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Feb16-13, 07:35 PM
P: 10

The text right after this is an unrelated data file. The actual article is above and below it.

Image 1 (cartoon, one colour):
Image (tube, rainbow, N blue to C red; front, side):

I understand how to calculate the capacitance of an isolated conductor, say a sphere, and I know that the associated formula involves the surface area of the conductor. Does all of this make the assumption that the surface in question is convex, or at least "non-concave"? More specifically, what if the surface is extremely complex, like a fractal where the surface area might be extremely large, but parts of the surface are directly facing other parts or even hidden behind other portions and so on. Is it still the outright surface area that matters, or do the bits and pieces of the surface have to have external normals that point out into space (if you know what I mean). Put another way, if I was to fashion an extremely convoluted surface, could I wind up with an extremely high capacitance for the volume the object is occupying? Or perhaps here's a more concrete example: What if I fashioned an object consisting of hundreds of thin metal plates all connected electrically at their centres by a rod, but with an air gap between each. A one meter cube so built could have a surface area of 500 square meters, and one might even argue that that is an "exposed" surface area, albeit primarily perpendicular to the outside world. Would this just calculate out as 6 m^2 because its basically a six sided cube, or would it in fact behave according to its, say, 500 square meter "surface"?
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